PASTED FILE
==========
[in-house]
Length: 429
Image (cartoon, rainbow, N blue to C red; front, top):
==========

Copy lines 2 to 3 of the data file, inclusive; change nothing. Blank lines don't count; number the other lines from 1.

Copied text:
Length: 429
Image (cartoon, rainbow, N blue to C red; front, top):